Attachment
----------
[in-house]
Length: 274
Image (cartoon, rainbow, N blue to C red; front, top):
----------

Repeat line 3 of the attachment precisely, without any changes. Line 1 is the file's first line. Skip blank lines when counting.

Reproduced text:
Image (cartoon, rainbow, N blue to C red; front, top):